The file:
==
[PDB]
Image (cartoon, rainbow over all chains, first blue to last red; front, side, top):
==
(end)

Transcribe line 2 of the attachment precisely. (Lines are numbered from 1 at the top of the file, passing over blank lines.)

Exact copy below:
Image (cartoon, rainbow over all chains, first blue to last red; front, side, top):